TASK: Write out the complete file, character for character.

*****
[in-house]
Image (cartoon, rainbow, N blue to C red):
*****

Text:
[in-house]
Image (cartoon, rainbow, N blue to C red):